Wednesday, October 10, 2018

Ethical Considerations for Emergent Neuroprosthetic Technology

By Emily Sanborn

Image courtesy of Wikimedia Commons
In the 21st century, there is a push towards producing neurotechnology that will make our lives easier. A category of these technologies are neuroprosthetics, devices that can supplement or supplant the input or output of the nervous system to obtain normal function (Leuthardt, Roland, and Ray, 2014). In the emergence of these technologies, there are ethical issues presented and a question is formed: are we fixing what is not broken? (Moses, 2016). 

A recent article from the Smithsonian magazine reported a technology that will allow humans to develop a “sixth sense” (Keller, 2018). David Eagleman, an adjunct professor at Stanford University’s department of Psychiatry and Behavioral Science, invented a sensory augmentation device called Versatile Extra-Sensory Transducer (VEST), which is a vest covered with vibratory motors that is worn on the body. VEST works by receiving auditory signals from speech and the surrounding environment and translating that signal via Bluetooth to vibrations. The vibrations are transmitted to the vest in dynamic patterns that correlate to specific speech and auditory signals. The user is then able to feel the sonic world. In time, they may be able to use this new touch sensation to understand spoken word (Eagleman, 2015). 

Tuesday, October 9, 2018

An injection of RNA may transfer memories?

By Gabriella Caceres

Figure 1. Image by Bédécarrats et al. 2018
Imagine a future in which you could tell your spouse about your day by simply transferring the memory to them, or one in which you could pass your memories on even after your death. These scenarios may seem far ahead in the future, but steps are definitely being taken towards this development. To combat our natural memory inaccuracy and decline due to old age or Alzheimer’s disease, which has been found in 1 out of every 10 people over 65 years old (WHO, 2017), scientists are beginning to investigate the biology of memory and the ways in which the process of making memories can be improved. A recent and controversial article published by Science News reported that RNA may be used to transfer memories from one sea slug to another. Bedecarrats et al. 2018 claimed that they were able to transfer memories from neurons of sea slugs (Aplysia californica) by first sensitizing the slugs with shocks until they had a long-lasting withdrawal response to touch. Then, the researchers extracted the RNA from the sensory neurons of the shocked slugs, and injected that RNA into the sensory neurons of non-sensitized sea slugs (figure 1). The authors postulated that the sensitization occurred because the donor sea slug underwent epigenetic changes, or when a methyl group gets attached to the DNA and modulates gene expression (D’Urso et al. 2014). This whole process resulted in a transfer of sensitization (a form of implicit, or unconscious, memory) to the recipient slug, as it experienced the same long-lasting response to touch that the donor slug did.

Tuesday, October 2, 2018

How to be Opportunistic, Not Manipulative

By Nathan Ahlgrim

Opportunistic Research
Government data is often used to
answer key research questions.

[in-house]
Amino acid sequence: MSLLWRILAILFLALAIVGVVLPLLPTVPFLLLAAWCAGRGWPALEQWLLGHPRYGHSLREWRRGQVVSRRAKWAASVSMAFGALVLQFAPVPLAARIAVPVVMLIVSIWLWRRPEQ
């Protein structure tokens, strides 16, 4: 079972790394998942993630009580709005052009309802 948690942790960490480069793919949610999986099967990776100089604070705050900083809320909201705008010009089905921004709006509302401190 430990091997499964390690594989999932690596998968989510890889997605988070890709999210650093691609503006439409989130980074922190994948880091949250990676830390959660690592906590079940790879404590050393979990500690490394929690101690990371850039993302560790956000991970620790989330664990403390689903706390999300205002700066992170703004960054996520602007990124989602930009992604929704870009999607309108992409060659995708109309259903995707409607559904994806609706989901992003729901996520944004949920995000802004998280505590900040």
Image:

Image courtesy of the U.S. Census Bureau

Opportunistic research has a long and prosperous history across the sciences. Research is classified as
opportunistic when researchers take advantage of a special situation. Quasi-experiments enabled by government programs, unique or isolated populations, and once-in-a-lifetime events can all trigger opportunistic research where no experiments were initially planned. Opportunistic research is not categorically problematic. If anything, it is categorically efficient. Many a study could not be ethically, financially, or logistically performed in the context of a randomized control trial.

Biomedical research is certainly not the only field that utilizes opportunistic research, but it does present additional ethical challenges. In contrast, many questions in social science research can only be ethically tested via opportunistic research, since funding agencies are wary of explicitly withholding resources from a ‘control’ population (Resch et al., 2014). We, as scientists, are indebted to patients who choose to donate their time and bodies to participate in scientific research while inside an inpatient ward; their volunteerism is the only way to perform some types of research.

Almost all information we have about human neurons comes from generous patients. For example, patients with treatment-resistant epilepsy can have tiny wires lowered into their brains, a technique known as intracranial microelectrode recording, enabling physicians to listen in on the neuronal chatter at a resolution normally restricted to animal models (Inman et al., 2017; Chiong et al., 2018). Seizures, caused by runaway excitation of the brain, are best detected by recording electrical signals throughout the brain. By having such fine spatial resolution inside a patient’s brain, surgeons can be incredibly precise in locating the site of the seizure and treating the patient. It’s what else those wires are used for that introduces thorny research ethics.

Wednesday, September 26, 2018

Caveats in Quantifying Consciousness

This piece belongs to a series of student posts written during the Neuroscience and Behavioral Biology Paris study abroad program taught by Dr. Karen Rommelfanger in June 2018.

By Ankita Moss

Image courtesy of Flickr user, Mike MacKenzie.
As I was listening to a presentation during the 2018 Neuroethics Network Conference in Paris, a particular phrase resonated with me: we must now contemplate the existence of “the minds of those that never lived.”

Dr. John Harris, a professor at the University of Manchester, discussed both the philosophical and practical considerations of emerging artificial intelligence technologies and their relationship to human notions of the theory of mind, or the ability to interpret the mental states of both oneself and others and use this to predict behavior.

Upon hearing this phrase and relating it to theory of mind, I immediately began to question my notions of “the self” and consciousness. To UC Berkeley philosopher Dr. Alva Noe, one manifests consciousness by building relationships with others, acting deliberately on the external environment in some capacity. Conversely, a group of Harvard scientists claim they have found the mechanistic origin of consciousness, a connection between the brainstem region responsible for arousal and regions of the brain that contribute to awareness.